Axis Studios broke convention to create a film in which every frame is a painting for Netflix’s Emmy award-winning adult animation anthology series, Love, Death, and Robots Vol 2.

Created by Tim Miller and David Fincher, Netflix’s Love, Death, and Robots (LDR) Vol 2 is the second series of animated shorts, showcasing the work of multiple animation studios. With each story independent to the next, every episode portrays a unique narrative, differing aesthetic themes, and a broad range of creative styles.

Returning for the second series Axis Studios were presented with the opportunity to create the episode – The Tall Grass, under the vision of director & VES Award-winning How To Train Your Dragon franchise alum, Simon Otto.

Caleb Bouchard, Executive Producer comments: “We had a great collaboration with Blur on the Love, Death, and Robots Vol 1 episode “Helping Hand”.  Blur trusted us to develop a look for The Tall Grass and really early on we were able to prove that visually we had something very interesting that sets it apart from a lot of the things we were doing but tonally in terms of storytelling fit into the vein of the LDR series.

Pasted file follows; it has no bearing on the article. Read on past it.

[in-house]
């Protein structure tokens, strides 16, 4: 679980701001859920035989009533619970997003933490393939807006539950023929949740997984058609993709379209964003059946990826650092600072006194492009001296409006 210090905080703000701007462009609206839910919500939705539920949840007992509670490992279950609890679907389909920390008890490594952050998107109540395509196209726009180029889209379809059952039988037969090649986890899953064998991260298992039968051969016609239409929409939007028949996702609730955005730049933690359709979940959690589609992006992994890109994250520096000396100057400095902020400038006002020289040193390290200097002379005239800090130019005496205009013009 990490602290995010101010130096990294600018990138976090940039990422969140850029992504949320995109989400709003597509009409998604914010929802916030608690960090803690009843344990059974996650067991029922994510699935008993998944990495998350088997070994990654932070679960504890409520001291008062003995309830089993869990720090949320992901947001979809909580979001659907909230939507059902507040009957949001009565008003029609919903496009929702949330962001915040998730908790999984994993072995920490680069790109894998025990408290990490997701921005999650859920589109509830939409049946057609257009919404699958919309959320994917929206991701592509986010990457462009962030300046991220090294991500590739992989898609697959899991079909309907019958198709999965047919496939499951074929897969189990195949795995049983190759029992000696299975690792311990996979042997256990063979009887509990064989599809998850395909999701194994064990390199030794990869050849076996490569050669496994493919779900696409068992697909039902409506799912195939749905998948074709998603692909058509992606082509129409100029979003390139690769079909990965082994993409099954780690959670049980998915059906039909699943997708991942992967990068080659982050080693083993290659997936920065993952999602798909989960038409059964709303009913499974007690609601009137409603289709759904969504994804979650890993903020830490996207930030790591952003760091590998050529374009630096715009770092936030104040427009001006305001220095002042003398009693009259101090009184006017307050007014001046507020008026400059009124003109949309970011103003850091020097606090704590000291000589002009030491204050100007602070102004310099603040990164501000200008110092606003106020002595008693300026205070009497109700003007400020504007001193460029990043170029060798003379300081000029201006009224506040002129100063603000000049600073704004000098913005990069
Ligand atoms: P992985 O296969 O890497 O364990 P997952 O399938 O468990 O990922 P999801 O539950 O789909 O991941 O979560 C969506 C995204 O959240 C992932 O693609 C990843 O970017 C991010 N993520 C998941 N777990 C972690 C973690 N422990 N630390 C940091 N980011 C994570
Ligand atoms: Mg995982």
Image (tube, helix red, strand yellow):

Adapted from Joe R. Lansdale’ tense Lovecraftian horror story of the same name, The Tall Grass uses visually stunning CG to create a living, breathing illustration.  Axis Studios set out with a mission to make every frame a painting to push the capabilities of their creative team, and create something audiences have never seen before.

Simon Otto, Director comments:  “We really wanted our short to feel like a visual development painting and we had to work out how to do that in animation.  The proof of concept, the first CG version of a shot blew everyone away.  The team raised the bar and it set the tone for the rest of the film. ”

The team at Axis relished the opportunity to utilise their skills to push the boundaries of animated storytelling outside its comfort zone. Animation rarely delves into the horror space, and Love, Death & Robots was a chance to show the extraordinary versatility of the medium.  Axis created a unique look that complemented the story and emphasized its themes, and is engaged with many other equally exciting projects in the same space.

Jon Creamer

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